Thursday, 11 August 2016

Favourite floats - function, form and my personal top three

Anyone who knows me well will attest to these two truths: firstly, I would rather catch a fish on the float than on any other method known to man, and, secondly, I am an inveterate list maker. I enjoy cataloguing subjective lists of my favourite books, films, football matches, records ... you name it, and I'll happily list my top twenty, ten, five or three. With all that in mind, it was only a matter of time before I combined my penchant for list making and my love of floats and float fishing, to bring you my favourite floats list. (Out of respect for, and in  deference to, the patience of my long-suffering readers I have restricted the list to just three.)
At number three is my "go to" float. The one that if I were restricted to just a single float to use for all of my angling would be the one I'd unerringly opt for; the straight Norfolk Reed Waggler. (which like all of the floats in my list was made for me by professional floatmaker Ian Lewis from Devon.)
There might be an argument that states that, in view of what I've just said about the position it occupies as primus inter pares in my float box that it should top my list, but while (especially in its flamed version) it is aesthetically attractive it lacks the "wow factor" of some other designs. This is a workaday float, a float for all seasons and one to trust implicitly, but it doesn't quite have the totemic status or panache of the other floats that eclipse it in my top three. Having said that, my three biggest ever perch, including my 2 pound 5 ounce personal best, were all caught using one, so it's a float that I owe "big time."
At number two is a type of float that I only very rarely turn to (I doubt if I've used one more than a dozen times in over 30 years of angling), but its stunning appearance and its inextricable and iconic link with tench fishing propels it into second place. The driftbeater, fished overdepth and overshotted, complete with outsized, buoyant sight bob and a large bait, may only be given the very occasional outing, but is worth a place in any traditional angler's collection for its beauty alone. Sentiment and "good looks" secure second spot for this "most English" of Stillwater floats.
... and so (this is the moment to conjure up in your imagination a dramatic drum roll), to my all time number one float. A float that brings to mind boyhood fishing and traditional angling at its finest, a float that makes up for in appearance what it, arguably, compromises in sensitivity .......... I present to you the ultimate totem float, the perch bob. I have perch bobs of all sizes, from mini 2BB Harcork style replicas right up to creations buoyant and tough enough to support a lively gudgeon livebait and requiring a couple of swan shot to cock them. Prettily coloured, well crafted and a joy to look at, for me the perch bob is the epitome of all that float fishing represents, and every angler should have several in his or her collection. I've even got a handful of them where the body is crafted from an oak gall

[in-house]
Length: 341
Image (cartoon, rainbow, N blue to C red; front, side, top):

Of course, the frustration of a list such as this is the artificial need to reduce to three. My real life float collection numbers several float boxes, and leaving out such standards as the porcupine quill, the cork bodied or the fluted avon, feather body decorated wagglers, quill lifters, goose quills and a host of others doesn't sit comfortably. One float that was desperately unlucky to fail to "make the cut" was Ian's "crucian mini bristle float" (pictured below), which is a great float for presenting small baits to finicky fish close in.

Also, I'm aware of the limitations of my own judgement and the subjectivity of the  vagaries that lead to the inclusions and exclusions in any list. My list is just that- it's my list, and yours would likely be different. However, that's a part of the fun of list making. Of this, though, I'm sure: there's no better way to while away a day than by fishing, and no better way of fishing than with a float. The dip, lift, bobbing or disappearing of a brightly varnished orange or red tip exerts an addictive draw that only the angler understands. The late Ted Hughes, one time Poet Laureate, described the experience like this: "I have spent hundreds of hours staring at a float. Not drowsily, very alert. So that the least twitch of the float arrives like an electric shock." Nice words, I wonder if he was a list maker .... ?


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